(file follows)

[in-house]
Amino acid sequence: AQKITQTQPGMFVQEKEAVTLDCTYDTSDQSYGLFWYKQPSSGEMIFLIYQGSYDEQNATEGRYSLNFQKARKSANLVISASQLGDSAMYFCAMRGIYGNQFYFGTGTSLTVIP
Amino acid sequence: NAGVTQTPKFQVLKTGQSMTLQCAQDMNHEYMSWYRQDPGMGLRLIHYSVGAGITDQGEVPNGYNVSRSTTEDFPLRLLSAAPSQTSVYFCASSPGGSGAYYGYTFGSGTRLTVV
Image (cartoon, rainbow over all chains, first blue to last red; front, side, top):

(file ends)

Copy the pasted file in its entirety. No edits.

[in-house]
Amino acid sequence: AQKITQTQPGMFVQEKEAVTLDCTYDTSDQSYGLFWYKQPSSGEMIFLIYQGSYDEQNATEGRYSLNFQKARKSANLVISASQLGDSAMYFCAMRGIYGNQFYFGTGTSLTVIP
Amino acid sequence: NAGVTQTPKFQVLKTGQSMTLQCAQDMNHEYMSWYRQDPGMGLRLIHYSVGAGITDQGEVPNGYNVSRSTTEDFPLRLLSAAPSQTSVYFCASSPGGSGAYYGYTFGSGTRLTVV
Image (cartoon, rainbow over all chains, first blue to last red; front, side, top):